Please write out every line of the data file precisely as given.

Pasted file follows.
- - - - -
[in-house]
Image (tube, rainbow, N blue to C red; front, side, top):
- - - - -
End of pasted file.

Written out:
[in-house]
Image (tube, rainbow, N blue to C red; front, side, top):